Preparing experts post-Sargon

Sargon reaffirmed that expert opinion cannot be speculative or based on conjecture

Torsten Bassell
2018 October

A trial is a completely different animal than litigation. In litigation, the Code of Civil Procedure is the primary guide that courts and lawyers must follow. To that end, the Code of Civil Procedure permits all types of evidence, contentions, and opinions to be asserted and produced during the course of discovery. By doing so, it allows the parties to avoid surprise by ferreting out all possible arguments and information that their opponents might use against them at trial.

However, in stark contrast, the primary guide to follow for trial work is the Evidence Code. It acts as a filter to ensure that certain arguments, documents, and opinions never enter the courtroom.

It provides a rubric by which the court protects the case from being decided or influenced by improper matter.

For this reason, the California Supreme Court’s opinion in Sargon Enterprises, Inc. v. University of Southern California (2012) 55 Cal.4th 747 makes sense. It simply reaffirms the principle that a trial court must not permit into evidence an expert opinion, that is based on a weak and speculative foundation.

The court determines all questions of admissibility

The evidence code empowers the court to determine all questions of admissibility. Although Sargon did not fully describe the origin of a trial court’s exclusionary powers, it is important to understand those powers before considering the impact of the Sargon case.

Evidence Code section 310, subdivision(a) provides that: “All questions of law (including but not limited to questions concerning the construction of statutes and other writings, the admissibility of evidence, and other rules of evidence) are to be decided by the court. Determination of issues of fact preliminary to the admission of evidence are to be decided by the court as provided in Article 2 (commencing with Section 400) of Chapter 4.” In other words, when the trial court is presented with a question about whether a piece of evidence (i.e., an expert opinion) is admissible, it must determine its admissibility by following the procedures outlined under sections 400 through 406 of the Evidence Code.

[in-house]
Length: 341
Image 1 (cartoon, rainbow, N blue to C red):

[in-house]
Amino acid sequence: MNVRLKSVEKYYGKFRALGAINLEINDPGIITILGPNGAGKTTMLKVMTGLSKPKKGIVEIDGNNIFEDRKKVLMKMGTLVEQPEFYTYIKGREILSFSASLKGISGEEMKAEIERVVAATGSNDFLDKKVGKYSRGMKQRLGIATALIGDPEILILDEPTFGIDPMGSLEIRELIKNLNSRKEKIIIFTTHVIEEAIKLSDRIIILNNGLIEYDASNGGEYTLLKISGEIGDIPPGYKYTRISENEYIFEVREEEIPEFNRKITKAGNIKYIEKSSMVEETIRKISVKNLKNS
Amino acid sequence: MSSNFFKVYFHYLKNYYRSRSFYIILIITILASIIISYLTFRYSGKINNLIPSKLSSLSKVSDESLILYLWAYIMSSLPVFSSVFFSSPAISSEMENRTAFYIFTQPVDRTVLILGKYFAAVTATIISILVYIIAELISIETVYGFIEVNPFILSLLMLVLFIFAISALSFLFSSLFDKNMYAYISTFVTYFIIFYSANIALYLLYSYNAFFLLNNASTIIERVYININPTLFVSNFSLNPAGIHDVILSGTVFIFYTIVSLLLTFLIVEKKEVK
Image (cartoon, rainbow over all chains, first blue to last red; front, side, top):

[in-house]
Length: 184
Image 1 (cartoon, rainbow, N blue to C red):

By exercising its powers under those sections, the trial court is constantly acting as a “gatekeeper” to prevent improper evidence from being admitted at trial. For example, while an expert may be qualified to testify as an expert at trial, the expert’s opinions must be relevant to be admissible. When the relevance of the expert’s opinions depends on the existence of the preliminary facts relied on in forming those opinions, Evidence Code section 403 empowers the court to determine whether or not those preliminary facts exist and whether they are permissible to serve as a basis for the experts’ ultimate opinions.

Speculative and conjectural evidence is out

For those familiar with the Evidence Code, Sargon did not change the law whatsoever. Rather, it reinforced principles that are useful to the prepared plaintiff’s attorney.

At the outset of the discussion in Sargon, the Court stated: “This case stands at the intersection of two legal principles: (1) Expert testimony must not be speculative, and (2) lost profit damages must not be speculative. We will discuss both principles, then apply them to this case.” (Sargon, 55 Cal.4th at 769.)

In regard to the first principle, Evidence Code section 801 provides: “If a witness is testifying as an expert, his testimony in the form of an opinion is limited to such an opinion as is ... (b) Based on matter ... that is of a type that reasonably may be relied upon by an expert in forming an opinion upon the subject to which his testimony relates, unless an expert is precluded by law from using such matter as a basis for his opinion.”